There was spirit and fight to the end but the brutal truth was on the scoreboard at Auckland’s Eden Park where the All Blacks won the big moments and beat the Wallabies 33-25.
Jim Tucker looks at five things we learnt.
1 HUNTER PAISAMI’S FIRST HALF
The best player on Eden Park for the opening 40 minutes was Wallabies centre Hunter Paisami.
He was a 10-out-of-10 in the first half. He made two big turnover tackles on David Havili and Richie Mo’unga as well as running that super angle to set up the first try off a lineout play.
His trademark inside angle on the run shed Mo’unga and a fend got rid of Codie Taylor. It was hard-edged authority when the Wallabies needed it.
The impatient long pass that Mo’unga turned into a seven-pointer and two loose ball carries in the second half were a different story.
2 ANDREW KELLAWAY IN THE CAULDRON
Full credit to Kellaway. Many judges had fingers crossed over whether the winger would stand up against the All Blacks. He handled himself very well.
He caught all the kick-offs that the Kiwis targeted him with, his ball security was strong and he hustled winger Sevu Reece into touch with one tackle.
He positioned himself perfectly for his first Test try off the lineout move.
Nothing else really presented itself to him in attack. On the other occasion the ball came his way, he took the poor option of a kick ahead with support outside.
Kellaway’s composure did support the idea that if you pick a specialist winger with plenty of experience you have a far better chance of a solid display than rolling the dice on a raw talent.
3 WASTE EARLY, WILLPOWER LATE
Those early lost and messy lineouts stunted the Wallabies when they had early chances for momentum.
If you don’t turn your chances into points, you’re dead when the All Blacks have a high-powered 17-0 burst in 13 minutes.
Down 33-8 at the 63-minute mark, there have been previous Wallabies sides that have fractured and given up 50 points.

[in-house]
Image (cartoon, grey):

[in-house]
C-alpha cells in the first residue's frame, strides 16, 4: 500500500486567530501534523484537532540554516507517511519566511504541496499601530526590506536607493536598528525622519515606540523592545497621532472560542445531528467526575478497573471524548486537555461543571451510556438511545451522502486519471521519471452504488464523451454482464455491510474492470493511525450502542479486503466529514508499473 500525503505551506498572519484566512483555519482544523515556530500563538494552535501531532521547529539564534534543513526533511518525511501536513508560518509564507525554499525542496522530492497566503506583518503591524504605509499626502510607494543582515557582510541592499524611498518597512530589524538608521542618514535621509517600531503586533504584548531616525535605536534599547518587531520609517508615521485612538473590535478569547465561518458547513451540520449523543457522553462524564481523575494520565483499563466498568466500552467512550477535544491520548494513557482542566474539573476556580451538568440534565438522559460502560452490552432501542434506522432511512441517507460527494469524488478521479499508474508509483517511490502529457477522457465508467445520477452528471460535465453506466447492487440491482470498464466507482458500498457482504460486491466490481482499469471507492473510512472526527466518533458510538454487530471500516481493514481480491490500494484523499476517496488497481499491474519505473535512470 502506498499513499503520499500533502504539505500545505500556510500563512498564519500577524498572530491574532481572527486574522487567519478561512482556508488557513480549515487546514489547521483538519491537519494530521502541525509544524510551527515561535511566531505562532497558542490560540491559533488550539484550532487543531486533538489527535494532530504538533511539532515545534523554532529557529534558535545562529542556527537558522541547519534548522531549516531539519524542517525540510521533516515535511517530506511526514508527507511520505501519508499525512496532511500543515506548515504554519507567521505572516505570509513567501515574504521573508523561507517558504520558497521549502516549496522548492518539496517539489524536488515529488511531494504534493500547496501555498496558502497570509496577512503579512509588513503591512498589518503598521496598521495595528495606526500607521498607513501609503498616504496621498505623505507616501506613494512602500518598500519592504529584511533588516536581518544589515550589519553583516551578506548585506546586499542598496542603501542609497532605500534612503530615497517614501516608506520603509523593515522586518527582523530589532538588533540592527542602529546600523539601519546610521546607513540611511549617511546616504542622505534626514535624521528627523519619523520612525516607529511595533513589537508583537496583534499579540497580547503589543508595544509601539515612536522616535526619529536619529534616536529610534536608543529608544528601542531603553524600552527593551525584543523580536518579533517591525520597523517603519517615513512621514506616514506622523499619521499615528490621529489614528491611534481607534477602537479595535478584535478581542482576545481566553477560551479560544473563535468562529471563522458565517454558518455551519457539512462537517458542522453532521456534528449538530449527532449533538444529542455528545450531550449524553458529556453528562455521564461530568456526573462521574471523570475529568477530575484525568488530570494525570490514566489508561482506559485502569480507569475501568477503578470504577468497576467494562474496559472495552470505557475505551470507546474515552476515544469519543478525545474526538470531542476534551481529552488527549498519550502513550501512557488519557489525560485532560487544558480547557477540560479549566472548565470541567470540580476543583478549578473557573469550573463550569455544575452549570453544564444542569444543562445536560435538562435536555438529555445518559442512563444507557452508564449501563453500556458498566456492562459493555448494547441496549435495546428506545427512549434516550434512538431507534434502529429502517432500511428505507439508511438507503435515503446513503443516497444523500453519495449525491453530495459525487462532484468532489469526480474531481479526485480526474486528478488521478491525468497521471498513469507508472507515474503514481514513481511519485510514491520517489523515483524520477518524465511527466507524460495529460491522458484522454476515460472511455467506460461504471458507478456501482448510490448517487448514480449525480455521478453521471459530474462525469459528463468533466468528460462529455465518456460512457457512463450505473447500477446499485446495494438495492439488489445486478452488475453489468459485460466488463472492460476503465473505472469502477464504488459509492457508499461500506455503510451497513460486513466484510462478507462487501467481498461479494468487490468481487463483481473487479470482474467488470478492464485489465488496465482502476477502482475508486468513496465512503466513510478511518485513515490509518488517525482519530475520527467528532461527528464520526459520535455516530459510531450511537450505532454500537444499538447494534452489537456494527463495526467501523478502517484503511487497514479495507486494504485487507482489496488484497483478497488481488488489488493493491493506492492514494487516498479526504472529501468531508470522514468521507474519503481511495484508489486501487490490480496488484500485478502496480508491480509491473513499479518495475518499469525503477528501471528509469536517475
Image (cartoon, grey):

Not this one. There was great credit in those three late tries and being rewarded for sustained build-up, a well-executed grubber kick and a sharply worked lineout drive.
The game was lost by then but it was a good sign of character and also the fitness to finish games strongly which was evident against the French in July as well.
Don't fool yourself. The All Blacks swarmed in defence to force mistakes, they punched ahead with quick pick-and-drives and the ball handling in several plays was superb. That fast-snapped Aaron Smith pass made two tries look easy in his 100th Test. What a classy halfback.
They were clearly superior.
4 A SET MOVE
The Wallabies really didn’t pull a set play of substance in three Tests against France. When the Wallabies were beating the All Blacks either side of the turn of the century, All Black Andrew Mehrtens identified the smarts of the Wallabies as a point of difference. He was talking of sharp planned moves.
The long lineout throw to a charging inside centre was a ripper, especially in the wind.
There should be a long list of set plays in the Wallabies’ arsenal after all the time they have spent away from prying eyes in training hubs.
There some a reassuring steel, structure and purpose to the gold defence for long passages.
Unfortunately, when the Wallabies did miss a few one-on-one tackles, the heart rate went way up and the All Blacks advanced clinically.
Luckily, that stunning 95m Sevu Reece team try was whistled back for a forward pass because two missed tackles in that raid hurt.
Paisami, skipper Michael Hooper and flanker Rob Valetini were big in defence.